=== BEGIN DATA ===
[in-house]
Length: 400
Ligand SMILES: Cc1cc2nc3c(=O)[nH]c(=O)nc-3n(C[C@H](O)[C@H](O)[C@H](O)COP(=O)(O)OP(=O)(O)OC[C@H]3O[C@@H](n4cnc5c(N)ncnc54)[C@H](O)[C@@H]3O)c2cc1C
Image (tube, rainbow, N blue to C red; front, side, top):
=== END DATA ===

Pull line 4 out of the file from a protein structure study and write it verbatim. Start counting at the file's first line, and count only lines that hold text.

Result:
Image (tube, rainbow, N blue to C red; front, side, top):